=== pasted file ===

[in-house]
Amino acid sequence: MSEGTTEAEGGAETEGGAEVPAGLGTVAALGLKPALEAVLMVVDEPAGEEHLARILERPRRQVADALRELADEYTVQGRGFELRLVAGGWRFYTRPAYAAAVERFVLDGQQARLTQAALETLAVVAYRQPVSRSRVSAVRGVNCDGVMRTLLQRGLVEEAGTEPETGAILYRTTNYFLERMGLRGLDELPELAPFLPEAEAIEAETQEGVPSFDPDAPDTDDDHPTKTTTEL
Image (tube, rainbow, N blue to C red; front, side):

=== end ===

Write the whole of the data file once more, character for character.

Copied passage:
[in-house]
Amino acid sequence: MSEGTTEAEGGAETEGGAEVPAGLGTVAALGLKPALEAVLMVVDEPAGEEHLARILERPRRQVADALRELADEYTVQGRGFELRLVAGGWRFYTRPAYAAAVERFVLDGQQARLTQAALETLAVVAYRQPVSRSRVSAVRGVNCDGVMRTLLQRGLVEEAGTEPETGAILYRTTNYFLERMGLRGLDELPELAPFLPEAEAIEAETQEGVPSFDPDAPDTDDDHPTKTTTEL
Image (tube, rainbow, N blue to C red; front, side):